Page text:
A blunt exchange on what her son's life could've been had he survived a fatal shooting by a police officer was too much for a mother, who walked out of the cop's sentencing hearing, hysterical.
It's been a long, emotionally draining journey for Sahar Bahadi, whose son Sammy Yatim was killed by Toronto police officer James Forcillo on an empty streetcar in the summer of 2013.
Following a lengthy trial, Forcillo was found not guilty for second-degree murder but guilty of attempted murder in January. He had fired two volleys of shots at the knife-wielding teenager, who refused to obey his commands to drop the knife. Yatim sustained fatal injuries during the first volley of shots, but the second volley is the one for which Forcillo was convicted.
On Wednesday, a hearing to determine what punishment fits the crime kicked off in a downtown Toronto courthouse.
The Crown prosecution is seeking an eight-to-10-year sentence. Defense lawyer Peter Brauti, on the other hand, argued that imprisonment in this case would "serve no real purpose other than denunciation," and is asking for a sentence of two years less a day, to be served in the community — meaning Forcillo wouldn't see jail time.
The defense is also expected to challenge the mandatory four or five-year minimum sentence for attempted murder and argue that the relevant sections in the Criminal Code are unconstitutional.
Presenting what the judge should accept as facts that led to Forcillo being found guilty, Brauti was met with resistance from Justice Edward Then, who took issue with, among other things, what he saw as Brauti asking him to take Forcillo's version of events as fact.
The morning took an emotional turn during one exchange between Brauti and Then, which resulted in Yatim's mother walking out in tears.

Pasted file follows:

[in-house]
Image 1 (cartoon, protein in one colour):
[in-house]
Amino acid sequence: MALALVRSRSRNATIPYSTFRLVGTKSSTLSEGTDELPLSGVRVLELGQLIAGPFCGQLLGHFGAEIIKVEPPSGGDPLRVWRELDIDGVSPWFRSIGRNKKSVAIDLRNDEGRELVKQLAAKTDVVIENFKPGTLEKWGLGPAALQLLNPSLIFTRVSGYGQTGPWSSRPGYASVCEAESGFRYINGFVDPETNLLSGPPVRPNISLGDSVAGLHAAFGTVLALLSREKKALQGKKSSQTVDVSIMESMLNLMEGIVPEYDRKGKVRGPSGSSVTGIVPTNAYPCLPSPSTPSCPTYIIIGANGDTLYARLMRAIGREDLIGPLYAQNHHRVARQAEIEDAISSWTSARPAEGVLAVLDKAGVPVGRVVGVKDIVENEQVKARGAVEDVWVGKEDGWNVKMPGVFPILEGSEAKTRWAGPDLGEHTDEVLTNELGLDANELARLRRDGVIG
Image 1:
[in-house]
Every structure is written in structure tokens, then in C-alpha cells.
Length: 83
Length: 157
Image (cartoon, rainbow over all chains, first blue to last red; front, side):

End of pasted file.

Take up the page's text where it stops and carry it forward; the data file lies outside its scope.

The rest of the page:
Towards the end of his submission on the facts, Brauti argued that because the first volley of shots left Yatim paralyzed, he wouldn't have felt any discomfort from the second volley — the one for which he was found guilty.
"Are you suggesting that I should look at the bullet wounds as inconsequential?" asked Then.
"From an actual harm perspective, we know that [the second volley] doesn't cause death, accelerate the death, affect his health or cause discomfort," Brauti responded.
"It's not as if no harm had happened," said Then, who appeared bewildered and irritated at many points throughout the defense's submissions. "There was substantial harm to Sammy Yatim. The only wrinkle is by the grace of God he had been rendered a quadriplegic by the preceding bullets."
'This is as low harm as it gets, other than the bullets missing him.'
"This is as low harm as it gets, other than the bullets missing him," said Brauti, adding that while a quadriplegic lives with serious trauma, Yatim was able to avoid that.
It was at this point that Bahadi walked out, accompanied by a victim's services staff member, breaking into audible cries as she got to the door. The cries turned to screams, that could be heard from inside the courtroom for several minutes.
Bahadi was sitting on a chair, being comforted by staff when court broke for recess. She returned after break, eyes red, taking her seat in the gallery.
The defense is now making submissions on the constitutionality of mandatory minimums.
Judge Then said he will reserve his decision.
Follow Tamara Khandaker on Twitter: @anima_tk